COMMENTARY | In one of the most anticipated match-ups of 2013, on November 16, at UFC 167, George St. Pierre will face off against the welterweight division's No. 1 contender, Johny Hendricks. St. Pierre has fought the elite of his division and has remained a UFC champion for just under six years. However, the Canadian faces a great obstacle at UFC 167. Hendricks, with his profound wrestling base and knockout power, possesses more than enough skill to dethrone the long-time champion.
Hendricks is a former NCAA Division I All-American. His grappling background is profound. This area of his arsenal was heavily utilized in his victory over former interim UFC welterweight champion Carlos Condit at UFC 158. The New Mexico native was stifled by Hendricks' movement and remained constantly aware of the takedown.
In that, at the UFC 158 post-fight conference, the former two-time world champion stated:
"It's pretty obvious what I need to do. I need to go and work on my wrestling. Both fights (UFC 158 against Hendricks and UFC 154 against St. Pierre) that was really the deciding factor. Both fights I put on a show, I left it all out there, but came up short in both instances, so I've got to go back and re-evaluate and got to keep working, improving."
However, St. Pierre's wrestling skills reign supreme in his division--bar none. He possesses the uncanny ability to control the majority of his opponents, while rendering them virtually helpless on the ground. His grappling skills, in combination with his extreme athleticism, have assisted the Canadian in becoming the most decorated welterweight champion in UFC history.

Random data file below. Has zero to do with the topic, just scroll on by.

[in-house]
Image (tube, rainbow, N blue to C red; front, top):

Advantage: Georges St. Pierre
Hendricks sports a 53 percent knockout rate compared to St. Pierre's 33 percent. The No. 1 contender has earned himself three UFC Knockout of the Night awards. Eight of Hendricks' nine finishes have come by way of knockout. In fact, his last two knockout wins lasted just 58 seconds combined--Martin Kampmann in 46 seconds and John Fitch in 12 seconds, respectively.
Regarding his knockout capabilities, at the UFC 158 post-fight conference, the Oklahoma native stated:
"I hit harder than him (St. Pierre). That's a proven fact. I'm just excited for the opportunity. Hopefully, I can finish him. That's my goal."
Hendricks is heavy-handed, and is more than capable of snapping the current welterweight champion's 11-fight win streak at UFC 167.
Advantage: Johny Hendricks
Throughout the years, St. Pierre has been criticized for inability to finish his opponents. Many have labeled his style of fighting as "boring" and "overly cautious." In fact, the welterweight champion hasn't finished a foe in four years, and sports the most wins by decision in the UFC (11). Regarding St. Pierre's fighting style, the current bantamweight champion, Ronda Rousey, stated:
"I don't have anything against him personally. But he's not the kind of fighter I like watching. He fights to win matches. He doesn't fight to defeat his opponents. I lost a lot of judo matches because of points fighters. It was extremely frustrating for me. And when I see that same style being played out in a different sport, it brings out the same reaction in me."
Hendricks, on the other hand, enjoys finishing his opponents. Nine of his professional 15 wins have come via knockout or submission. Given the No. 1 contender's ability to capitalize on opportunities and finish his opponents, Hendricks is poised to wrest away the title from the long-standing champion in St. Pierre at UFC 167.
Advantage: Johny Hendricks
Clinton Alexander Bullock has been a Brazilian jiu-jitsu practitioner for many years. He has studied mixed martial arts for 12 years and has been published in the Yahoo! News, Bleacher Report, Philadelphia Sunday Sun Newspaper, and Next Step Magazine. Follow him on MMAUnchained.net, Facebook & Twitter @clintonbullock.
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